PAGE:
And then finally, the example of these culture scenarios is “not walking the talk.” This is one where you’ve got the posters on the wall that clearly show your expressed values, it’s just that people don’t believe what it says because they see something different. Or what is expected is not what’s rewarded. This is often seen where you have conflict. We mentioned the other conflict before where it was these scores were low on both of them. This is the case where you’re saying one thing but you’re not doing it. So you can have someone actually saying quality is important, but that conflict is resulting in it not being done, independent of how strong your systems are. That’s the example of decision authority or the role of the quality unit. Teresa mentioned the role of the quality unit being particularly important in the FDA’s view, on the earlier slides. If you have conflicts between departments, and we talked about that in the previous slide, why is it schedule versus quality? That’s one where this is particularly sensitive.
And then governance and policy is an interesting one here, because governance and policy—governance is the assignment of responsibility of who makes the decisions and what circumstance. Policy is the guiding principles that direct you in those times of uncertainty, to where you’re doing things consistently under times of stress. If you have an ambiguous policy that has so much wiggle room it doesn’t really give you any guidance, you may say you have a policy, but the policy is so weak that you can’t really enforce it, or it doesn’t add any value, or it doesn’t give you any guidance, useful guidance here. You have governance here of who makes the decisions. Or your governance is ambiguous and it creates conflicts because who is making the decision in this circumstance is not defined. So it results in conflict. Governance can be your friend in those cases, knowing that under these circumstances, this organization, this role has the responsibility to make this decision. So those are some important roles around governance and policy that can really set you up to succeed in those times of ambiguity.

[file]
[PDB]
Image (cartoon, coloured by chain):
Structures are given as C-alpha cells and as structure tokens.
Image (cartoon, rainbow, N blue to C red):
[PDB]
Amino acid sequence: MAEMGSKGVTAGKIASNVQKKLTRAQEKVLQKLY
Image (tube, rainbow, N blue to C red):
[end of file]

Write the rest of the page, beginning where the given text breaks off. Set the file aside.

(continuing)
This presents some real significant risks, not only product quality and delivery and compliance because you have this conflict here. On a daily basis, transactions may start to suffer. You may not get the actual batches out the door because that conflict is going to start rearing its head at that release decision. It presents significant inspectional risk during a regulatory inspection, because once that action that’s subject to inspections, such as a deviation investigation or a CAPA report or a change control, once you start pulling those strings on a special piece and you start seeing that they’re tied together because things are not being done the way you say they’re going to be done, that escalates it into a much deeper level of regulatory risk.
In these cases, what’s particularly noteworthy about this one, and then I’m going to hand it over to Teresa, is that if you have strong systems and structures, particularly your QMS remediations, if you’re having this type of culture and you try to fix it by going in and doing systems and QMS remediations, you’re going to have marginal impact on improving the risk reduction. That is the crux of the FDA slide number one. That you can repair these systems and structures, but if you have an unhealthy aspect on this expressed values underlying assumptions piece, it’s not going to impact your desired business outcomes. That’s the crux of all of this discussion.
Transcript taken from June 15th Webinar – “Create a Quality Culture to Aid Risk Management: Dynamic Behaviors that Achieve Quality and Business Objectives”